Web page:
That man ain’t dead.
There’s an unforgettable scene from “Twin Peaks” season two that can be a make-it or break-it point for viewers due to how far David Lynch and company were willing to go with the cringe factor of their off-kilter comedic tone. It’s the one where Agent Cooper is lying on the floor of his hotel room after being shot by an unknown assailant. He’s bleeding out when the lovingly coined Señor Droolcup comes to the door with a glass of milk and obliviousness for the ages. Instead of getting help or even acknowledging the precarious nature of Cooper’s predicament, he winks and gives the thumbs up signal once, twice, three times. We’re left waiting with a mix of discomfort, annoyance, and mild amusement. This is Jim Hosking‘s style.
I didn’t conjure the comparison watching his debut The Greasy Strangler because its use of unknown actors made it so I couldn’t be fully cognizant of whether their line readings and performances were intentional or unavoidable. Was the aesthetic a byproduct of the cast Hosking had assembled or did he ask his cast to buy into the creation of that aesthetic for him? While I would have leaned towards the former two years ago, his sophomore effort An Evening with Beverly Luff Linn appears to reveal the latter is the case. It’s as though Hosking sees the discomfort and annoyance of a scene like the one described above as more reason to laugh. His off-putting comedy therefore makes us an active participant. Hosking is laughing at our irritation.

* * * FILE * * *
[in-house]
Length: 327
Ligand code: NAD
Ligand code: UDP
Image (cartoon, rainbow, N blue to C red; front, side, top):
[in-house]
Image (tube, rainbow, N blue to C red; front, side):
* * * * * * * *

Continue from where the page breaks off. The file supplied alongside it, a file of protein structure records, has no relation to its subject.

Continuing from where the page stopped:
While I can appreciate that goal, I don’t enjoy being the experience. Sitting at the front of the theater with night vision goggles as audiences squirm, wince, and smirk would be another story. If I were Hosking (and in this case co-writer David Wike), seeing the fruits of my weird labors would be a sadistic delight. Despite “liking” this entry to his unique oeuvre more than its predecessor, though, the masochistic side of the equation simply isn’t for me. I could accept having to reposition myself in my seat out of awkwardness during “Twin Peaks” because I knew there’d be something worthwhile in the aftermath. All this film supplies is more disquieting confusion, its payoff being proof that you’ve been the butt of the joke from the start.
Credit to Hosking for never trying to hide this fact, though. The performance he has Emile Hirsch deliver as Shane “That’s not even a real name” Danger is too broad to be described as anything but cartoonish with his cocked eyebrow and wide-eyed hamster spinning of half-baked ideas cut in half yet again thanks to the mouth-breathing sidekicks he’s forced to enlist (Zach Cherry‘s Tyrone and Sky Elobar‘s Carl). He’s basically stroking his chin with faux contemplation whenever he isn’t trying to seduce his wife Lulu (Aubrey Plaza) via lip-biting pelvic thrusts. We can only hope he’ll fade into the background once we realize she’s both the lead and desperate to escape his clutches. But he remains as comic relief anyway—overdone, second-hand embarrassing comic relief.